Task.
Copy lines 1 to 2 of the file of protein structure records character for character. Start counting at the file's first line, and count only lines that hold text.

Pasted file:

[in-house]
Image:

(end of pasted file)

[in-house]
Image: